Blues Guitar For Dummies
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Slide guitar can be played in standard or open tunings, and each has its advantages and disadvantages. Learning the various different methods to tune for slide guitar will give you more options to let you suit the tunings to your playing style. Standard tuning can be easier to play because your melodic instincts don’t have to be translated to the altered tuning of the guitar; however, it can make it harder for the beginning slide guitarist to mute the unwanted strings creating a dissonant sound. Open tuning provides more chordal harmony, but presents a “thinking” challenge as you translate your instincts to fit a different tuning.

Standard tuning

To get started using the slide, try the passage in the following figure, which is in standard tuning.


Standard tuning features the root of the chord on the top string and an interval of a fourth between the first and second strings. Because the lower note is the fifth of the chord it makes for powerful-sounding licks. Try the passage in the following figure; it isn’t that difficult. The slide doesn’t do that much, but what it does is very effective, even in small doses.


This lick is the characteristic sound of one of the most famous slide sounds of all time: “Dust My Broom” — a song originally by Robert Johnson with conventional fretting but covered in the most famous version by electric slide player Elmore James.

Don’t press too hard when applying the slide or the strings will buzz against the fret wire and fingerboard. Keep the rattle noise to a minimum when going from open strings to slide-stopped strings.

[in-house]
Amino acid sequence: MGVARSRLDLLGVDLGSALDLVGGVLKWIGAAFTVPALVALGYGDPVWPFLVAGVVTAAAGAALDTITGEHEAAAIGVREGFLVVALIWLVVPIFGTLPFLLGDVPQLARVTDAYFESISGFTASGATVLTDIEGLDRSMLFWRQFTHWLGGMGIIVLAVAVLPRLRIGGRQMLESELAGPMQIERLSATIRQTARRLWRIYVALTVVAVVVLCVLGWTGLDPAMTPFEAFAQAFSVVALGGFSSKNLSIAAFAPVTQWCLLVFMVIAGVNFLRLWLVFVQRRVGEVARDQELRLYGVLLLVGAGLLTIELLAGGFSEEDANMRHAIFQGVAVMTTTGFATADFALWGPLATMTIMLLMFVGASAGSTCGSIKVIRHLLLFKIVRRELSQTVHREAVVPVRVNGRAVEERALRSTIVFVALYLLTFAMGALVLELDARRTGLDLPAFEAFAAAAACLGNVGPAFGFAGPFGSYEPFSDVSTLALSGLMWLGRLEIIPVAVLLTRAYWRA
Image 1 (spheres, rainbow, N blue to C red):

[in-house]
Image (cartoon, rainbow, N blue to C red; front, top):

Open Tuning

Open tunings favor the technical side of common blues licks. The main tunings, open E and open A (which are the same, relatively speaking, as open D and open G), each have their specific idiomatic licks. Open tunings have many technical advantages over standard tuning. The most prevalent is that an open tuning provides a major chord across all six strings, so holding the slide straight across at any fret yields a chord on any set of strings.

  • Open E (E, B, E, G#, B, E, low to high) is close to standard tuning because the top two strings are tuned the same. This works well for many blues slide licks because they require only slight movement of a couple of frets above or below to play an entire passage. Elmore James and Duane Allman (one of the greatest blues-rock slide guitarists and founder of the Allman Brothers Band) played in open E.

    A slide lick in open E.
    A slide lick in open E.
  • Open D is the same as open E but tuned a whole step (two frets) lower (D, A, D, F#, A, D).

  • Open A (E, A, E, A, C#, E, low to high) puts the root of the chord on the fifth string and provides a major chord on the top three strings. Also, having a minor third interval between the top two strings allows for some idiomatic blues moves, especially the chromatic descending lick in thirds. Robert Johnson and Bonnie Raitt are two well-known slide guitarists who play in open A.

  • Open G (D, G, D, G, B, D, low to high) has the same relationships between the strings as open A but is tuned a whole step (two frets) lower. The following figure shows you a typical slide guitar lick tuned to open G.

    A slide lick in open G.
    A slide lick in open G.

Click here to download and print this guitar tab.

About This Article

This article is from the book:

About the book author:

Mark Phillips is a guitarist, arranger, author, and editor with more than 35 years in music publishing. Jon Chappell is a multi-style guitarist, arranger, author, and journalist, as well as a former editor-in-chief of Guitar magazine. Phillips and Chappell are also the authors of the bestselling Guitar For Dummies, 2nd Edition.

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